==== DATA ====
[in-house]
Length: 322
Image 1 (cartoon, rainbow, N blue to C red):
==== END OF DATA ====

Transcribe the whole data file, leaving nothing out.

[in-house]
Length: 322
Image 1 (cartoon, rainbow, N blue to C red):